National Data Buoy Center (NDBC) National Backbone Contributions to the Integrated Ocean Observation System (IOOS) Conference Paper uri icon


  • As an integral part of the Integrated Ocean Observation System (IOOS) "National Backbone", the National Oceanic and Atmospheric Administration (NOAA) National Data Buoy Center (NDBC) is increasing the oceanographic capabilities of the NDBC Ocean Observing System (NOOS). The goal of the effort, known as Conversion of Weather Buoys (ConWxB), is to increase the number of ocean instruments on existing backbone buoys. The nascent IOOS regional associations were asked to provide suggestions of existing NDBC buoy locations to add directional wave, current profile, and salinity sensors within their regions. Most regional associations responded and in one case an update was forwarded to NDBC. Using these inputs and the upcoming buoy schedule for the next two years, an initial list of probable buoys was established for each type of sensor. An effort was made to respond to priority areas as provided by the regional associations. The criteria used to establish the ocean sensor suite on buoys and the distribution of sensors vertically within the water column will be discussed. Under Con WxB, NDBC is deploying ocean sensors on all buoys. Directional waves are derived primarily from the angular rate system (ARS) installed inside the buoys. However, the design of the six meter NOMAD buoy does not respond to ocean movement in a way conducive to provide directional ocean waves from this system. Directional wave sensors will be therefore be deployed on three meter buoys. In addition, NDBC has a long history of supporting the Army Corps of Engineers with high resolution heave, pitch, and roll (HIPPY) sensors, which will continue. Doppler current profilers will be employed on approximately three dozen three meter and ten meter buoys. The remainder of the NDBC buoys, including six meter NOMAD buoys, will be equipped with near surface current meters. NDBC has gained experience deploying acoustic Doppler current profilers under the Coastal Storms Program and a project associated with the Minerals Management Service Twelve three meter discus buoys have been selected for conductivity/temperature strings and another thirty buoys will have conductivity/temperature sensors attached to the bridle. These later buoys include the six meter NOMAD and ten and twelve meter discus buoys. NDBC is deploying a new 1.8 meter discuss buoy with directional waves and ADCP sensors, and a new compact meteorology package. These buoys will primarily be associated with NDBC Coastal Marine Automated Network (C-MAN) sites. After a successful testing stage, NDBC will deploy eleven of the 1.8 meter buoys. The addition of these ocean assets to the National Backbone for IOOS supports the individual regional associations and the goals of NOAA. The implementation of ConWxB has already begun and should be completed by the end of Fiscal Year 2007. The increased complexity of transmission, processing, and display of real-time oceanographic data at NDBC is also begin addressed through a number of current programs and initiatives. ©2006 IEEE.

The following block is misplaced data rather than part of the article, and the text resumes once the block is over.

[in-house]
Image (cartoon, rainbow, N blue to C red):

author list (cited authors)

  • Crout, R. L., Conlee, D. T., & Bernard, L. J.

citation count

  • 1

publication date

  • January 2006